Why Foundation4Life Was Formed
Often parents, teachers, social workers, police, youth work practitioners, and others involved with young offenders find that they are unable to engage with hard to reach and disaffected teenagers and are often more likely to be influenced by their peers. Evidence has shown when it comes to respecting attitudes and codes of behaviour, young people will engage, IF they believe that you are suitably qualified and experienced to talk about a subject matter. They also look up to ex-offenders/ gang members who they see as role models. The telling advantage they have is that they have inhabited the world many of the young people aspire to as part of modern youth culture.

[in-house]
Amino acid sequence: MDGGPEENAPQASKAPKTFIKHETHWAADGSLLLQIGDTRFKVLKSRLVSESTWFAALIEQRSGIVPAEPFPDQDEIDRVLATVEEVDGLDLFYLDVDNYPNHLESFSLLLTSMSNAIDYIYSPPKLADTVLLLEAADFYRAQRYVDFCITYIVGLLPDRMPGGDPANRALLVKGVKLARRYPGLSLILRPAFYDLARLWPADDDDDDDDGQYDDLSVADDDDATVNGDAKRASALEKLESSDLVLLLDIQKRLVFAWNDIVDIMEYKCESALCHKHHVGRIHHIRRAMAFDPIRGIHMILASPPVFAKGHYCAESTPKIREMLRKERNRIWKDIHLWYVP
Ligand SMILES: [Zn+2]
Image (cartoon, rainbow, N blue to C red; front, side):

Having “walked the walk” they can empathise with teenagers’ craving for respect. Importantly the young people see the facilitators as suitably qualified to challenge their attitude, behaviour and issues discussed because of their background and experience. In the United States, projects involving ex-offenders/ gang leaders taking the anti-crime message to the streets have proven extremely effective. Ironically, this is the only industry where the experience of ex-offenders is in fact an asset.
The idea of setting up F4L came about as a result of the huge demand for the services of F4L’s lead consultants/ trainers; Gifford Sutherland and Denzle Howell, former lead co-ordinators (over 4 years collectively) on the ‘Coldingley Crime Diversion Scheme’ (CCDS).